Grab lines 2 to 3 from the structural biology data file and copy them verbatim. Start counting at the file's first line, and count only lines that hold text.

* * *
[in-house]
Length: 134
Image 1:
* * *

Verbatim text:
Length: 134
Image 1: